• Cash-back on premier tier (with minimum loads)
  • Free direct deposit
  • Large scale cash re-load networks (45,000+) and ATM access
  • Subaccounts
  • Mobile capabilities
  • Connected to your checking/savings account

In addition, the American Express-Walmart Bluebird offers:

  • Dedicated customer service
  • Check-writing
  • Transfer funds between Bluebird and checking/savings accounts

While the pre-paid business currently represents a relatively small 2% of the business, it may figure importantly as American Express struggles to keep its high net worth customers, and in the wake of such losses at the Costco co-brand account. The pre-paid business is experiencing triple year-over-year growth as a result of these attractive features, though in the scope of AmEx’s overall business, pre-paid is not contributing significantly to the company’s profitablity.
But that’s not the point. AmEx is developing consumer relationships — building brand, goodwill and a customer pipeline for higher margin products. In this manner, American Express is able to tap into consumer segments that had previously been unable to them, and to potentially retain the customer relationship if and when a pre-paid card user is able to, or decides to become banked.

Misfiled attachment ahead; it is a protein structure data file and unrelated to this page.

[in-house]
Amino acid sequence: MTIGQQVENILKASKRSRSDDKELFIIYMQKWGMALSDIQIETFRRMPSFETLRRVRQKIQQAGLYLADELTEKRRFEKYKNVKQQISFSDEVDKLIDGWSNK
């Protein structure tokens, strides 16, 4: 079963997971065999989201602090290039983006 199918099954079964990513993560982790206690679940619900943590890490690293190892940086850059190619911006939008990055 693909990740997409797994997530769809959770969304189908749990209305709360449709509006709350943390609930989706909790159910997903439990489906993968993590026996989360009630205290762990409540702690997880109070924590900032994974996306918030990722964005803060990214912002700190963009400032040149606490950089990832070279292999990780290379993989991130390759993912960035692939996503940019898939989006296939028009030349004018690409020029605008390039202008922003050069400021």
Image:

In the final part of this five-part series on gift cards, we will look at two companies in particular – one a recently launched start-up and the other an established and fast-growing force in the pre-paid cards business – that are focusing on usability and merchant/brand relationships to capitalize on the rising use of stored value cards as non-bank financial account vehicles.

The Gift Card Sector Comes of Age. Part 2 of 5: The Business, Social and Technology Trends Driving E-Gift Card Adoption, Innovation and Investment

In Part One of our look at the gift card sector, we provided an overview of the accelerated activity characterizing the sector over the past 4 years. Now in Part Two, we will examine some of the drivers behind the segment’s growth.